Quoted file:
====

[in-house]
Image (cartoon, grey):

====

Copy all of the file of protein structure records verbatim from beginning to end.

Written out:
[in-house]
Image (cartoon, grey):